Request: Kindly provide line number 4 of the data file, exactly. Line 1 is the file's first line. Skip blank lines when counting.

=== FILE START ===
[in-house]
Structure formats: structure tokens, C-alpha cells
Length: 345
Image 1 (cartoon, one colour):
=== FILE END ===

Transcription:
Image 1 (cartoon, one colour):